As you'll see from the Investment section, your decision to add the battery health sensing to our smallest NetGuardian has a large percentage impact on the overall price of the system. Still, batteries (and network uptime and customer satisfaction) are no less important at smaller sites - and the waste associated with replacing them earlier than necessary is no less costly.
The NetGuardian LT G2 is our existing hardware solution. It has built-in analog monitoring of the input power, which can be converted into a "battery life remaining" statistic to trigger alerts (and that you can view at any time).
The NetGuardian LT G6 is built on our new hardware platform released just this year (named "G6" to unify the all numbering with our flagship NetGuardian 832A G6). It will have a newer web interface and longer lifespan of ongoing firmware improvements (available free for the life of your NetGuardians).
The increased hardware resources on the G6 model will support our new battery triple-sensors (temperature, voltage, and internal resistance monitoring for each battery in your string).
As we discussed in our meeting, our roadmap for the battery sensor firmware also includes a new variable-timing system for using AC load to check internal resistance. When higher-voltage batteries are tested more frequently, they are automatically rebalanced to match the others. These slight "nudges" over time will tend to increase the lifespan of your batteries overall.
Also, with detailed battery monitoring, you won't need to proactively replace batteries after 5 years "just to make sure they're still good". That represents a potentially huge savings across the lifespan of NetGuardians, which historically has been well beyond 10 years for many DPS clients.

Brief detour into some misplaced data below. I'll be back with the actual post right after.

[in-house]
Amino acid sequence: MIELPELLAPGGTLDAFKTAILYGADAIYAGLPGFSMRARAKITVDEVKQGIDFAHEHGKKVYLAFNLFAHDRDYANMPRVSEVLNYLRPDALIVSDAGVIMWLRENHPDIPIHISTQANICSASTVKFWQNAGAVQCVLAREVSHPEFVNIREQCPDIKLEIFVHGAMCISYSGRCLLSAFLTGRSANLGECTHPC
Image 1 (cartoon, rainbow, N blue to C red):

At your request, I've scaled down the project to just 10 of the NetGuardian LT G2 RTUs. This also allowed me to reduce the T/Mon to a "MINI" model that supports up to 16 devices (expandable via simple software upgrades later). You could choose to operate the LT G2 RTUs independently via web interface and email alerting initially. 10 units is right around the number where I recommend a T/Mon to aggregate all the RTU data onto one screen. You'll be able to grow your system later by adding RTUs and adding to your T/Mon device limit.
(For your reference, my original proposal letter remains below. Other than site count and the selection of the LT G2 and not the G6, the information remains valid.)
This is one (very specific) example of a system I proposed for purchase by one specific DPS client. Now, the question you must ask is:
What system do you need me to build for you?
To get started, just give me a call at 559-454-1600 or email me at firstname.lastname@example.org